Digital Release Phases

Delivering digital products used to be about working in a ‘waterfall’ way: first gathering requirements, then writing lengthy technical specifications, drawing Gant charts, estimating delays and expense and so on. Maybe something would get released at some point. Maybe it would be good. But often not. In my experience, this really boils down to one problem: waterfall assumes you know what you don’t know.

The digital landscape shifts quickly. Users engage with content in different ways on different devices. Their expectations of technology changes monthly. To deliver really great digital experiences, therefore, the process needs to map to that speed. It needs to accommodate change – from technology to design. That’s why, in the Strategy & Communications team at EMBL, we’ve been working on documenting digital delivery phases.

These phases aim to address a few key issues:

  • They allow us to deliver more frequently. The goal is incremental improvement, not a Big Bang launch.
  • They provide a set of criteria on which a product or service can be evaluated. This is so the team gets the right type of feedback at the right time.
  • They allow us to course-correct as we learn. Major pivots in direction are painful, time-consuming and expensive and we want to avoid them.
  • We show The Thing. Prototypes are the primary way we gather requirements and document progress. We use them to anchor discussions. We show them to users and stakeholders. For digital product development, prototypes are *way* more efficient than meetings and documents discussing abstract things.
  • We work more openly, and at appropriate fidelity. Working this way focusses our attention. For example, initially, visual design of a product or service may not be the most important thing to focus on. This framework guides our attention onto the things that are important.

The Phases

Here are the phases. They are broken down into two lists: ‘To Consider’, and ‘You should do’. They are not prescriptive, but a guide. There are key differences between each stage in terms of prototypes developed within that phase.

DISCOVERY PHASE

TO CONSIDER:
1. Who are the users?
2. What are their needs?
3. What are the organisation’s needs?
4. Establish stakeholders
5. Establish advocates
6. Identify dependencies: people, technology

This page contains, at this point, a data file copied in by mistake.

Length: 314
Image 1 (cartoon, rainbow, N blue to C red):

7. Technical: considerations, legacy systems

YOU SHOULD DO:

  1. User research
  2. Stakeholder engagement
  3. Assess legacy systems and need
  4. Make a backlog
  5. Assemble the team
  6. Define the minimal viable product (MVP) –
  7. Figure out some key performance indicators (KPI)

ALPHA

TO CONSIDER:

  1. This is a prototype service, so what level of fidelity should it be?
  2. Internal communications: to who, when and how?
  3. External communications: Is this valuable to the wider scientific or web community?

YOU SHOULD DO:

  1. User research
  2. Iterate if you have time
  3. Release and gather feedback
  4. Plan for Beta
  5. Articulate the purpose of the alpha

An Alpha is a NON-WORKING prototype. It DOESN’T HAVE to be designed or use production-ready code.

BETA

TO CONSIDER:

  1. A Beta release should be Private first – released to a small set of users and/or stakeholders to manage feedback before releasing to the Public
  2. Private beta communications. How to facilitate discussion and collaboration.
  3. Public beta communications. How to gather, parse, and act on feedback at scale.

YOU SHOULD DO:

  1. Test with users. Gather insight.
  2. Plan for launch
  3. Gather stakeholder feedback
  4. KPIs: measure and report
  5. Establish how to support the product to live and beyond (financial, resource planning, release schedule)
  6. Move to Live: Is it ready? Can we support it?

A Beta is a WORKING version. It adheres to design guidelines. Uses production code. Conducts real transactions.

LIVE

  1. Keep improving: user research, analytics, direct feedback.
  2. Training on usage: eg CMS
  3. Iteration and release cycle management

If you have any questions, let me know or post a comment. Over the coming months, we’ll be reviewing the phases and working on communicating this more broadly. But I’m hopeful that by clear labelling, the phases will become apparent as we build more prototypes and services.

Author: Mark Boulton

Designer. Leading Digital Communications at EMBL. Cyclist. Bonsai grower. Really loves brown tea with milk. Ordinary tea. Not that fancy stuff.

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